EMISSIONS from the lead smelter at Boolaroo blanketed the township over the past century with an array of neurotoxic metals including arsenic, cadmium and lead.
As a result, childhood lead poisoning was commonplace. Toxic metals such as arsenic, cadmium and lead are persistent. They are readily absorbed into children’s bodies, and adversely affect intellectual and behavioural development. Recent major international reviews of low-level effects of lead exposure confirm its insidious, lifelong effects.
The Lead Abatement Strategy (2007), developed by Pasminco Cockle Creek Smelter and endorsed by the then NSW government, was designed to ‘‘achieve a reduction in human exposure to lead dust contamination in surface soils’’ from the long history of emissions on to the neighbouring residential environments.
In Boolaroo, environmental lead exposure and contamination is well known, with various studies conducted over the decades. The last publicly available blood-lead study, the ultimate marker for lead exposure, showed that blood-lead levels remained significantly elevated: One in six children younger than five had a blood-lead level greater than or equal to 10micrograms/decilitre (100 parts per billion), the Australian blood lead goal at the time. The level is under review; the National Health and Medical Research Council has recommended lowering it to 5 (50ppb).
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Exposure to lead in children can causes IQ points to be lost, and is associated with increased ADHD behaviours.
These data are based on population studies, composed of individuals, but data from multiple peer-reviewed studies provide consistent findings on the effect of lead exposure. These effects are sufficient for the National Health and Medical Research Council and major international bodies such as the World Health Organisation to declare there is no safe level of lead exposure.
The Lead Abatement Strategy involved various clean-up strategies in domestic yards depending on soil lead levels (no other metals were considered). The physical removal of contaminated soil was only scheduled to occur where soils were found to be greater than 2500milligrams/kilogram. Further, garden beds and household dust were not measured, and these pose a significant risk to children.
Given that the underlying objective was to ‘‘achieve a reduction in human exposure to lead dust contamination in surface soils’’ I was asked, along with my students, to evaluate the efficacy of the approach.
We found no difference in lead contamination between houses that had received treatment compared with those that had not. Thus, one might conclude that the original objective was an abject failure.
We also examined clean-up strategies elsewhere in Australia and internationally benchmark the processes executed in Boolaroo.
Comparison with the major clean-up in Esperance, WA, following lead contamination showed that the procedures at Boolaroo could not be classified as world’s best practice. There was no genuine attempt to achieve soil standards in domestic gardens anywhere near the Australian national guideline of 300mg/kg. At Esperance, all soils above 300mg/kg were excavated to the full depth of contamination, removed and replaced.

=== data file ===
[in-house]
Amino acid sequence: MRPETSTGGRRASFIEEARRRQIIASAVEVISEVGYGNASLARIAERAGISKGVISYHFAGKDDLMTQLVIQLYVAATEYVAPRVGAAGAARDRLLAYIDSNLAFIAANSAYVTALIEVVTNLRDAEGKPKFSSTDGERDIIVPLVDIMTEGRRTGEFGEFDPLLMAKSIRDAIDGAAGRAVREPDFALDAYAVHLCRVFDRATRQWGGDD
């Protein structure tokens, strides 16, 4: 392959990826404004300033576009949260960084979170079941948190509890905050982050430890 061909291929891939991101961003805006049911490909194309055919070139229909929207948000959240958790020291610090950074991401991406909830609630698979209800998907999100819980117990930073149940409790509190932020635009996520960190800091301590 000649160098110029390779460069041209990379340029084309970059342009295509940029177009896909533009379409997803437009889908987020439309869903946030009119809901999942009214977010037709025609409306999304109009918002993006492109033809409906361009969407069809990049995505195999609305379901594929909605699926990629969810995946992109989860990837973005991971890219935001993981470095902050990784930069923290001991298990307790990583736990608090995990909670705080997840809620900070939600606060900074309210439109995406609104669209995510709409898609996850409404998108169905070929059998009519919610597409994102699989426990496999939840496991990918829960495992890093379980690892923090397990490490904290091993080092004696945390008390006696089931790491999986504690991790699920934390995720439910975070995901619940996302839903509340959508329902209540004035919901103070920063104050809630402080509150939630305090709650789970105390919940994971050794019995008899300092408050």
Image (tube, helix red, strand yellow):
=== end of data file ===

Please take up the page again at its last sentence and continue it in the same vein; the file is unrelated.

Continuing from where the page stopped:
By comparison, on the other side of the fence from the existing homes around the Pasminco site, the NSW government ordered that the old smelter site was to be cleaned up according to the Australian soil guidelines for lead of 300mg/kg.
Unfortunately, no matter how much spin is applied to this issue, this is a case of environmental injustice. There has been one standard applied for the redevelopment and clean-up of the old Pasminco site and a different set of rules and standards for the long-suffering community of Boolaroo and surrounding suburbs.
On the face it, it appears that the community surrounding the old Pasminco site has been short-changed for the benefit of the remaining Pasminco creditors.
It is disappointing to discover that there has not been any post-abatement assessment of the efficacy of the clean-up either in terms of the environmental measures we have assessed or via blood lead (and other metal) sampling of young children.
If that data exists in a substantive form then it needs to be made available to provide some assurance to the community.
It is likely that the government and industry will argue that the Lead Abatement Strategy was acceptable.
To really determine if they believe this is the case, I propose a simple test, which can be summarised as so: ‘‘If it is good enough for them then it must be good enough for us.’’
Assuming the government and industry respond in the affirmative that the Lead Abatement Strategy was sufficient, then let’s offer to exchange the (very likely clean) soils of those responsible, including the Pasminco creditors, with those from the houses, parks and schools at Boolaroo and surrounds.
That way everyone will be satisfied.
Let’s raise the bar for Boolaroo and clean up to a level that is appropriate, protective and in line with national standards.
Mark Patrick Taylor is a professor of environmental science at Macquarie University, Sydney.
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